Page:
The operation of the feeding-mechanism and. the other portions of my invention above described,will be obvious without being further detailed, it being of course assumed that the rock-shaft 7, through its connections to the feed-b ar, gives the longitudinal or feeding movement, While the rock-shaft 12, through its connections to the feed-bar, gives the necessary rise and fall.
It is observed that while the feed dog is adapted to be moved about its pivot in a ver tical plane in the direction of the movement of the dog, or the plane in which said dog operates to move the work, it is obvious that it may be arranged so as to be moved in otherv directions, but this direction is preferable when the looper is located just back of the feed dog. In my machine, as is of course understood, the feed dog moves upwardlyinto engagement with the work, which latter is held down by a presser foot that is carried by a spring depressed. presser bar in a usual manner. It is therefore to be understood that the usual downward pressure of the presser foot, the upward movement of the feed dog, and the tension of the spring 23 all tend to keep the dog in its normal position. The overhang of the dog beyond its pivot also tends to keep it in its normal position, and I find. in practice that this dog is held securely enough in its normal position for any speed that a sewing machine can be run, with the dog spring 23 sufficiently light for the dog to be readily turned on its pivot when the pressure of the ordinary presser foot is removed from the same.
It s also noted that applicant does not .wish to be limited to the specific form of his invention as herein illustrated and described, as it is clear that changes maybe made in the same without departing from the spirit of said invention.
Having thus described my invention what I claim and desire to secure by Letters Patent is:
1. A sewing machine comprising a looper mechanism; and a feeding mechanism, operating below the bed-plate of the machine, and a portion of which normally extends over the looper mechanism; and means whereby the said portion may be moved from its normal position to permit free removal of parts of the looper mechanism.
2. A sewing machine having a looper mechanism and a feeding mechanism, a portion of the feeding mechanism being arranged.
to normally overlap the looper mechanism; and means whereby said portion. of the feeding mechanism may be moved back from the looper mechanism so as not to overlap the latter, whereby the parts of the looper-mechanism may be conveniently removed from the machine.
3. In combination, a feeding mechanism comprising a feed-dog carrying bar; a looper mechanism arranged substantially in rear of the feeding mechanism, and a portion of the feed-dog extending over the looper mechanism; and means whereby said feed-dog may be moved relatively to its bar so as not to obstruct the removal of the bobbin or cop from the looper.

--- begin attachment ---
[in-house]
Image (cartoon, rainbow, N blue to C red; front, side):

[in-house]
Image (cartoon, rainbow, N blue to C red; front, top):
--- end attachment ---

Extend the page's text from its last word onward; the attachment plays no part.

4. A sewing machine having in combination a looper mechanism and a feeding mechanism, both located and operating below the cloth-plate, the feeding mechanism com pris mg a bar having a dog movablerelatively thereto, said dog overlapping the looper mechanism; and means whereby said dog may be moved back from thelooper mechanism.
5. A sewing machine having a feeding mechanism comprising a horizontally disposed feed-dog carrying bar arranged below the cloth.plate, the feed-dog being pivotally supported on said bar; and means for holding said dog in operative position, said means permitting the dog to be turned vertically relatively to said bar into, and maintained in, an inoperative position said means, at the same time, maintaining its normal oooperative relation with said dog.
6. In a sewing machine, a feeding mechanism comprising a horizontally disposed feed.- dog carrying bar arranged. below the cloth plate; means for holding said dog in operative position, said means permitting the dog to be moved vertically relatively to said bar into, and maintained in, an inoperative po sition, said means, at the same time, maintaining its normal cooperative relation with said dog.
7. A sewing machine having a feeding mechanism comprising a horizontally disposed feed-dog carrying bar arranged below the cloth-plate, said dog being provided with an extension; a yielding means carried by said bar and normally engaging said extension for holding said dog in operative position, said means permitting the dog to be moved vertically relatively to said bar into, and maintained in, an inoperative position, said means, at the same time, maintaining itsnormal cooperative relation with said dog.
8. A sewing machine having a feeding mechanism comprising a feed-dog carrying bar arranged below the cloth-plate, the feeddog being pivotally carried by the bar, and. means carried by said bar for holding said dog in operative position, said means permitting the dog to be moved vertically relatively to said bar into, and maintained in, an inoperative position, said means, at the same time, maintaining its normal cooperative relation with said dog.